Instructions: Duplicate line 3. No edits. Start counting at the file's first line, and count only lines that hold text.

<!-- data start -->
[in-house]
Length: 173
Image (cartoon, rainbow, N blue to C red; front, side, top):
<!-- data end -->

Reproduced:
Image (cartoon, rainbow, N blue to C red; front, side, top):